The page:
MCCULLOU / PA Archive/Press Association Images
Fresh allegations have highlighted the uneasy relationship between paramilitary groups and the security services during the Troubles.
The right are using a new film about the 2012 Benghazi US consulate attack as a political weapon against Hillary Clinton. Are they justified?
George Brandis says the government will adopt the proposed changes to anti-terror laws that criminalise disclosure.
Until a public interest exemption is included in Section 35P, the offence will continue to impact press freedom and have a chilling effect on media organisations’ ability to report on ASIO’s activities.
Christiane Taubira has battled for years to prove her right to represent French people, so she couldn't stay silent when a controversial plan was hatched to strip some of their nationality.
Islamic State propaganda lures both friends and foes into disproportionately focusing on the group’s strengths and overlooking its weakness.
Islamic State uses propaganda to coax its enemies into misguided politico-military and strategic communications efforts.
On the lookout after the attack in Ouagadougou.
Burkina Faso is on its way to becoming a healthy and stable democracy – and that's got West Africa's jihadists riled.
The Pakistani Taliban has shown it can still mount terror attacks in the country's frontier province ... despite a major military offensive.
Tackling extremism, building happier adults and delivering a generation that can adapt to rapid change. Putting thinking and thinkers at the heart of the curriculum should be an easy decision.
If people really want to create a social movement to counter terrorism, we should expand our reach offline.
Indonesians reacted defiantly on social media after the bombings and shootings in Jakarta last week. But how effective is the response on social media in countering terrorism?
Indonesia should devise policies to deal with recidivism among ex-terror convicts and the spread of extremist messages online.
Fighting terrorism purely through security measures will not be enough. Indonesia should devise policies to rehabilitate and monitor former convicted terrorists to prevent recidivism.
Fear is not the answer.
IS has claimed a wave of deadly bombings and shootings in Jakarta, but its long-feared Asian campaign is yet to materialise in earnest.
Indonesian police in the front line of the fight with terrorists.
What is the landscape of Indonesia's terror groups? And what threat does the country face following Thursday's deadly attacks in Jakarta?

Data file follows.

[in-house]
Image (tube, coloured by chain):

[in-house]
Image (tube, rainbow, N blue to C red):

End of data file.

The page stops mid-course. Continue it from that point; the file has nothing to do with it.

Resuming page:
Heightened security in Istanbul after the attack.
Tensions at home and abroad make the latest attack by Islamic State particularly difficult to bear.
Only with a three-pronged long-term approach of education, economic growth and security action can terrorism be defeated.
Listening to the thinking process and justification of potential terrorists is critical to finding a path to defeat terrorism.
We know what we look like, but how do algorithms see us?
We increasingly depend on algorithms applied to big data, but even algorithms make mistakes that could label us in worrying ways
Militant suffragettes used arson and vandalism to draw attention to their struggle. Did they have a moral right to do so?
Victoria Woodhull attempting to vote in 1871, via Everett Historical.
The movie Suffragettes shows the occasionally violent and sensational tactics used by militant suffragettes. Were these justified?
Legal or illegal, the US is awash in guns.
Though the perpetrators of the mass shooting in California appear to have acquired their guns legally, the vast majority used in violent crimes are obtained illegally.
It’s not looking good.
This has been a remarkably violent year – and many of the worst threats to human security are no less a problem than they were a year ago.
Tony Abbott leaves the partyroom on September 14, having lost the Liberal leadership and prime ministership to Malcolm Turnbull.
2015 started as it finished, with terrorist atrocities, intractable conflicts and political upheavals that toppled several leaders, including Australia's prime minister, Tony Abbott.
State leaders endorsed a plan at COAG last week that would see some terrorists jailed indefinitely.
Detaining persons convicted of terrorist offences for lengthy periods after they have served their time could risk radicalising a section of the community who see the measure as unjust.